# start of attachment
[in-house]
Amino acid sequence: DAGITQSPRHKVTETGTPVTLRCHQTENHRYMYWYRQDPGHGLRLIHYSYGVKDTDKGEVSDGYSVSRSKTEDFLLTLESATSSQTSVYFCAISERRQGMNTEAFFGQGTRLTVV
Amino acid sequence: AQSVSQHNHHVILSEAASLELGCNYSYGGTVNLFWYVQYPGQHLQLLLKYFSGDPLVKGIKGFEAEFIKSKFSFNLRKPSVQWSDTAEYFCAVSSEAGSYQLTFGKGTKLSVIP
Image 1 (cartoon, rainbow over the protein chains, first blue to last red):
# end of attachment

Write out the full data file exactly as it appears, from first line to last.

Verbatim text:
[in-house]
Amino acid sequence: DAGITQSPRHKVTETGTPVTLRCHQTENHRYMYWYRQDPGHGLRLIHYSYGVKDTDKGEVSDGYSVSRSKTEDFLLTLESATSSQTSVYFCAISERRQGMNTEAFFGQGTRLTVV
Amino acid sequence: AQSVSQHNHHVILSEAASLELGCNYSYGGTVNLFWYVQYPGQHLQLLLKYFSGDPLVKGIKGFEAEFIKSKFSFNLRKPSVQWSDTAEYFCAVSSEAGSYQLTFGKGTKLSVIP
Image 1 (cartoon, rainbow over the protein chains, first blue to last red):